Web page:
Sunday, June 19, 2011

From the Department of Redundancy Department

One thing I've noticed as I review my writing is all the extra words I include that aren't needed. That's part of the fun (and I'm being sarcastic) of editing.

When I wrote The Hidden Sun, I would fret over sentences and paragraphs as I wrote. I remember there was one line that I just couldn't get to sound good. I got so hung up on it, I started to lose focus on the story. I finally threw my hands up in the air and moved on. When Tristi Pinkston edited the book for its re-release, she masterfully fixed it. Sadly, I don't recall the details aside from just taking out a few words here and there and tada! It flowed very nicely.

The subject this month is really about editing, though I'm taking a bit of a different approach. I've heard from other authors that they suggest to just write the story and then come back to edit it. Some people write and re-write the first chapter over and over and then get frustrated about how slow it is going.

The Hidden Sun was my first book. It took me roughly 5 years from the time I started writing it until the day the first copy was sold. Granted, I was working full time and yadda, yadda, yadda, but still, that's a long time to hold on to a dream.

My second book, The Waxing Moon, came from an idea I got while editing The Hidden Sun. It's done and will hopefully see the light of day within a year's time. The trippy part about The Waxing Moon is that the final version is actually quite a bit different from the first draft. I was shooting for about 100,00 words. When I got to about 65,000, the story was over. So. . .I wrote another 35,000 words and tacked it on the end. My beta readers noticed what I had done right away. The end result? I went back into the original 65,000 words and added some interweaving subplots that enhanced the book--and I think it's much better because of it.

And about those 35,000 at the end that were cut? Let's just say I have a good head start on the third book of the Bariwon series.

In my current work in progress, The Mirror of the Soul, I'm just plowing through the story full steam ahead with the knowledge that I'll be going back to edit, fix, adjust, add, and rewrite what I've done. And isn't it wonderful that writers can do that.

As for the subject of editing and use of redundant phrases, let me end with a few examples:

Advance preview. I guess this means you get to see a preview of something yet to come before someone else?

Over exaggerate. I've used this phrase at least a million times.

Kneel down. Along the same lines of Stand up.

True facts. Very important to use these when writing non-fiction.

Pair of twins. I actually had this on an earlier version of The Hidden Sun.   

So, my final conclusion is that it's absolutely necessary that writers plan ahead to avoid using redundancies.  And when editing, scrutinize in detail the sum total of your redundant words, with your ultimate goal to completely eliminate them from your writing. If you need help, you can always ask a knowledgeable expert.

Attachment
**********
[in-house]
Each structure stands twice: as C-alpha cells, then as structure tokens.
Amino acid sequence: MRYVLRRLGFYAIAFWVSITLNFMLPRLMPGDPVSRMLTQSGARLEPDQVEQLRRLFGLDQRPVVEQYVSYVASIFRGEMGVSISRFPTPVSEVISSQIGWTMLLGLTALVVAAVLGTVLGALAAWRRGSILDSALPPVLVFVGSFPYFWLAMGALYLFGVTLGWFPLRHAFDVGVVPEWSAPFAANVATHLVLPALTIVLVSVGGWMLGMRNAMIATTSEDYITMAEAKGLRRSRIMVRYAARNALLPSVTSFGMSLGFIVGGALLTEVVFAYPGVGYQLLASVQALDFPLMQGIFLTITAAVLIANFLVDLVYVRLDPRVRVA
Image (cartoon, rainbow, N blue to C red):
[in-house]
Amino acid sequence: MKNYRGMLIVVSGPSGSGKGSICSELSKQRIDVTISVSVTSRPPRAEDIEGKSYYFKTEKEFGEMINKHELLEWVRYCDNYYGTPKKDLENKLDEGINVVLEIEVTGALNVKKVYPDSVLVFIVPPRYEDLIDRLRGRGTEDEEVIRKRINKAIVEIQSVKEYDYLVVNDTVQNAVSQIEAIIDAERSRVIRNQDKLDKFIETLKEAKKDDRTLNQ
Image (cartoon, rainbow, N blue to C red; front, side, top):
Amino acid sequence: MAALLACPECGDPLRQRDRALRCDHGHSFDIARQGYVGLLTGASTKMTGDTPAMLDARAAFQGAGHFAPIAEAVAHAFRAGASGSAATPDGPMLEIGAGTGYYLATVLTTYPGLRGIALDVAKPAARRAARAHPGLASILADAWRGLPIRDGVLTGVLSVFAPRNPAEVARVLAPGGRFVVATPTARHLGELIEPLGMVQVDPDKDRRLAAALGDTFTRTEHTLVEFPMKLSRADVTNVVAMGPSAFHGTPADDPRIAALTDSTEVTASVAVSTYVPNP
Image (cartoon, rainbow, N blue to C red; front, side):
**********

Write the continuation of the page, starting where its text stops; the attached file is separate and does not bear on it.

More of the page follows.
Saturday, June 4, 2011

After Patting Yourself On the Back...

So you finished your project, a novel, a short story, a play, whatever it is.  Take a minute and pat yourself on the back.  Now remove that hand from your back and put it back on the keyboard.  You’re not done yet.

Hashing out a first draft is only phrase in the life cycle of your work, and also vital is polishing up your work so that it will shine as brightly as possible.  Competition for publication can be fierce, and you cannot afford to put anything less than your best work out there. 

Revision ,  like writing the first draft, is a highly personal process.  Everyone does it a little differently and whatever works best for you is how you should do it.  Here are a few things I’ve found helpful.  

1.     Read for one element: There are so many things to look for, including grammar and spelling, pacing, style, etc, that you might be overwhelmed if you look for it all at once.  You might find it better to give the work multiple readings, focusing on a single aspect.

2.    If in doubt, read aloud:  If you stumble when you read, your reader might as well. If you are not sure, read the passage aloud and see how it flows.  This helps in a way that cannot be duplicated by reading silently.

3.     Your manuscript is not “for your eyes only.”: After spending so much time with your work, you are too close to it to see it completely objectively.  Though you need to go over it yourself, it is best to seek the help of others, at best, those who can give you their genuine opinion.  It’s a good idea to give the manuscript not only to those who know something about writing, but also to someone in your target audience.

No matter how you do it, remember that there is a time to revise and a time to refrain from revising. You cannot revise forever, or you’ll never see print.  Revise until you feel good about your work and then send it out into the world.  It sometimes feels like letting out a child out into the world to fend for themselves, but as long as you have taken the proper time to revise, you have nothing to worry about. 

The blog tour and launch party for my next book approach.  Come get the details at